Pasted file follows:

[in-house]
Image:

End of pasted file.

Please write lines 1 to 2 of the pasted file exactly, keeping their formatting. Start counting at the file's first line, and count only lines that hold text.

[in-house]
Image: